America: stuck in the slow lane?

Car manufacturers spend millions each year on advertising, touting their latest models as they glide through glistening nighttime city streets and hug curvy mountain roads, but the reality for the American driver isn’t so sexy. On average, we’re stuck in traffic more than most other people on the planet. Our SUVs spend more time idling on interstates than tearing through wilderness (luckily for the wilderness).

Our trains are seldom on time. And US airports are stretched to capacity. The Economist recently published a piece called Life in the Slow Lane on how America’s crumbling transportation infrastructure impacts our economy and quality of life (hint: it’s looking rather grim).

deadly 2007 bridge collapse, Minnesota (Wikipedia)

Innovation is one of our nation’s greatest strengths. But we can’t innovate and create jobs—or get to them—if we can’t get around efficiently.

Meanwhile, oil companies rake in record profits, murderous Middle Eastern dictators cling to power, and $4/gallon gas prices may be here for a long while. Add to this mix the effects of climate change, which are becoming more visible and deadly than anyone could have predicted.

Painful. May 10, 2011. Route 9, Brookline, Massachusetts.

Have you thought about how you’re going to get around? What changes, and what choices can you make? Or will you spend less on other things so you can maintain your driving habit?

One of the biggest benefits to urban life is the ability to get around without a car. It may seem counter-intuitive, but it looks like living in a city is one of the greenest things the average person can do. The New Yorker staff writer David Owen’s Green Metropolis: Why Living Smaller, Living Closer, and Driving Less are the Keys to Sustainability and the more recent book by Harvard economist Edward Glaeser, Triumph of the City: How Our Greatest Invention Makes Us Richer, Smarter, Greener, Healthier, and Happier (whew) both tout the benefits of the urban life vs. suburbia’s automobile-enabled strip mall sprawl.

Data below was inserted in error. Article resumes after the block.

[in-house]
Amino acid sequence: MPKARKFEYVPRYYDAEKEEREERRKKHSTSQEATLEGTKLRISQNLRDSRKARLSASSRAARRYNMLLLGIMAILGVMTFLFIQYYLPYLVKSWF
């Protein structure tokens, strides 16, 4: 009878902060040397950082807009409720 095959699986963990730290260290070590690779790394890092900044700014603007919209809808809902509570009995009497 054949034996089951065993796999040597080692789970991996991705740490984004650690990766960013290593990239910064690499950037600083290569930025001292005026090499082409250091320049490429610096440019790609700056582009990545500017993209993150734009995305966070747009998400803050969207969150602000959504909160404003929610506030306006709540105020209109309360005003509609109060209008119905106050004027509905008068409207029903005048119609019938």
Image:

As city dwellers, my family rides our bikes, walks, or takes public transit as much as we can, because the alternative—driving (or rather, sitting in traffic, plus the hunt for parking)—is far more time-consuming and stressful. My son often scooters, walks, or rides his bike, too. He knows better than to ask me to drive him somewhere. In another year or so he’ll be old enough to take the train or bus with friends. Our family car (a Prius) stays parked in the driveway as much as possible. Americans and their children are getting fatter by the year. I’ll be damned if I don’t do something about it in my own little world.

Unfortunately, decades of car-centric planning and urban development have left many Americans without the choices that my family has. And at the moment, our elected officials seem unwilling to consider basic infrastructure projects needed to keep us safe and our economy afloat, let alone able to compete with the likes of China, Brazil and Europe—who are busy investing in their roads, high speed rail, bus rapid transit, public transport, bridges, bike lanes, and airports, in case you were wondering.

Without safe and reliable alternatives, it’s easy to see why we’ll be stuck in a car rut—and the global economic slow lane—if we continue down the same worn-out road.

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